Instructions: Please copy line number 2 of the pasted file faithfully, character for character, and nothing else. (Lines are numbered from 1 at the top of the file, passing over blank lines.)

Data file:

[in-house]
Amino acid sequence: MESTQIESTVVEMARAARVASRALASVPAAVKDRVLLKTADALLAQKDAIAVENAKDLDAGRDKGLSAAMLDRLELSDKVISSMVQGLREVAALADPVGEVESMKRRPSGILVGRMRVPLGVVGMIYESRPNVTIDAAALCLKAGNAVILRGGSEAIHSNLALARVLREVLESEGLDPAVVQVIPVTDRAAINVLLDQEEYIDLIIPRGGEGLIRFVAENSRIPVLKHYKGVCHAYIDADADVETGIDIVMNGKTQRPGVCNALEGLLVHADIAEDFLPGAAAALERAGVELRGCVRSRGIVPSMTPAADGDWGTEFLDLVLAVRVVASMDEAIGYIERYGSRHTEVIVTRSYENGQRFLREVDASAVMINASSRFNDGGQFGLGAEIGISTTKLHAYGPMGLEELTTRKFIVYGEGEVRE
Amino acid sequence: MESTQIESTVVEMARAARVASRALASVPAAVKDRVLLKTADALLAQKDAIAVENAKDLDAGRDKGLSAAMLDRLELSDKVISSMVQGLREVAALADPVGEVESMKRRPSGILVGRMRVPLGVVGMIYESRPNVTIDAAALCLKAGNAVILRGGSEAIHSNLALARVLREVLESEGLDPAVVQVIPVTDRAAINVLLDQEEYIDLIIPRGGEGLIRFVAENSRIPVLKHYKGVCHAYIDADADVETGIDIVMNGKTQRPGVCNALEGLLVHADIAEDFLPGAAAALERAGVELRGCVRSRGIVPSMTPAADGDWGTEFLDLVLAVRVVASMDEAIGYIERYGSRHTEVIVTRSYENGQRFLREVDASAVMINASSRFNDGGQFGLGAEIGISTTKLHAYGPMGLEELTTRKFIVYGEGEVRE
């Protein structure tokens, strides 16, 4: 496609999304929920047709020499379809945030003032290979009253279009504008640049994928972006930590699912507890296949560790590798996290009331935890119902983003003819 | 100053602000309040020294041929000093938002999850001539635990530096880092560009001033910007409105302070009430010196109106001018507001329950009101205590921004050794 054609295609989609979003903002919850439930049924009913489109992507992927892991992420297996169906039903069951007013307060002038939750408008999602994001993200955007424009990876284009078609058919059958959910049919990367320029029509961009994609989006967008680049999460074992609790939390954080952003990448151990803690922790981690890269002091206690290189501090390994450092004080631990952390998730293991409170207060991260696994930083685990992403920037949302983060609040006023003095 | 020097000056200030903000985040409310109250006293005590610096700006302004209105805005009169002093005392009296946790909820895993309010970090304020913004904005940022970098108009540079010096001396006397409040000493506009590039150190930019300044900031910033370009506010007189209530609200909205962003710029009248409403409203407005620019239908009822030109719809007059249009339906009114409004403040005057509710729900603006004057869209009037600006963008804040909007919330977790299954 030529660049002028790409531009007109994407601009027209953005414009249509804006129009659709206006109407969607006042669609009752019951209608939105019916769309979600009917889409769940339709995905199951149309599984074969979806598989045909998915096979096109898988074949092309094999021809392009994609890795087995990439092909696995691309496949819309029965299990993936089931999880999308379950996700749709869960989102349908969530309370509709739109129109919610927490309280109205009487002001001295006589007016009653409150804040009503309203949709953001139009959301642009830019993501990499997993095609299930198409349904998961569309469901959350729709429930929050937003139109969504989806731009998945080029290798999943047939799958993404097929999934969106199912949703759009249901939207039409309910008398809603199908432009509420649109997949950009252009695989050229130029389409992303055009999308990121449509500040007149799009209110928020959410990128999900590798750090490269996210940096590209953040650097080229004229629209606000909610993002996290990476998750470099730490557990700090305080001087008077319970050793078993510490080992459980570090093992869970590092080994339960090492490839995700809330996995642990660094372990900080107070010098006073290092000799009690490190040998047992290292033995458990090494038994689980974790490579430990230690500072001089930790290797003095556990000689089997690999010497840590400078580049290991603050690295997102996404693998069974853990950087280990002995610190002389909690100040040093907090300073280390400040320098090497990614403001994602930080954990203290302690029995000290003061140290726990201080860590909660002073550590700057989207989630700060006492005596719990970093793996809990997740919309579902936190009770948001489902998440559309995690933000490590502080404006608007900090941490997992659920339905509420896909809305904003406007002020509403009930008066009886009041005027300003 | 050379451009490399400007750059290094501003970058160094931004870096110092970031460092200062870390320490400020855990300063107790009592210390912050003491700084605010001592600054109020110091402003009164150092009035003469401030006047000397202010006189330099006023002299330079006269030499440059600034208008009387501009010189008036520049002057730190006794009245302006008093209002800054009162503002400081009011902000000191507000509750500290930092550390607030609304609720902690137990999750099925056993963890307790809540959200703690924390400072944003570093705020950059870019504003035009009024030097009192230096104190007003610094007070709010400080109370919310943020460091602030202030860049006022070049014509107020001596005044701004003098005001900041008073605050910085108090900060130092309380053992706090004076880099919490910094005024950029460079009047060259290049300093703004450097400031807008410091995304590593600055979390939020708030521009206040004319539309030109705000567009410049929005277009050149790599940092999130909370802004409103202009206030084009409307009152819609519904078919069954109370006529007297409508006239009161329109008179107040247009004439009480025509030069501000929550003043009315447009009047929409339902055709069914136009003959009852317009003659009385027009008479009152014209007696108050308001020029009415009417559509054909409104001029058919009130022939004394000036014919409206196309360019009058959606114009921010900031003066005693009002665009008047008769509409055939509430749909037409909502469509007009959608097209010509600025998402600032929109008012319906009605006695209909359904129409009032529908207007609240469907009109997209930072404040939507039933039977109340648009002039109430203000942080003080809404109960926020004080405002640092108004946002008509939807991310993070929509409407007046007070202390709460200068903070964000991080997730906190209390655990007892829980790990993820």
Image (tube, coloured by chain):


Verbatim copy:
Amino acid sequence: MESTQIESTVVEMARAARVASRALASVPAAVKDRVLLKTADALLAQKDAIAVENAKDLDAGRDKGLSAAMLDRLELSDKVISSMVQGLREVAALADPVGEVESMKRRPSGILVGRMRVPLGVVGMIYESRPNVTIDAAALCLKAGNAVILRGGSEAIHSNLALARVLREVLESEGLDPAVVQVIPVTDRAAINVLLDQEEYIDLIIPRGGEGLIRFVAENSRIPVLKHYKGVCHAYIDADADVETGIDIVMNGKTQRPGVCNALEGLLVHADIAEDFLPGAAAALERAGVELRGCVRSRGIVPSMTPAADGDWGTEFLDLVLAVRVVASMDEAIGYIERYGSRHTEVIVTRSYENGQRFLREVDASAVMINASSRFNDGGQFGLGAEIGISTTKLHAYGPMGLEELTTRKFIVYGEGEVRE